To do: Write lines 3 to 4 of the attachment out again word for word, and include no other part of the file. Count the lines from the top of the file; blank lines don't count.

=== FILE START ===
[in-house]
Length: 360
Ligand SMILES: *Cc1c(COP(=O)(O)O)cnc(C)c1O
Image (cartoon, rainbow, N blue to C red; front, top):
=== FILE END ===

Ligand SMILES: *Cc1c(COP(=O)(O)O)cnc(C)c1O
Image (cartoon, rainbow, N blue to C red; front, top):